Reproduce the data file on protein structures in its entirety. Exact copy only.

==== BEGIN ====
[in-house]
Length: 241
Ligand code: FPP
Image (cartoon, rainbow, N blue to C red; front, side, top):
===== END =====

[in-house]
Length: 241
Ligand code: FPP
Image (cartoon, rainbow, N blue to C red; front, side, top):